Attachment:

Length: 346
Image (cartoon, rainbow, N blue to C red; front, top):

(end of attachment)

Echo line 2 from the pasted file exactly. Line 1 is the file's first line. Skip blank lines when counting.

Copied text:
Image (cartoon, rainbow, N blue to C red; front, top):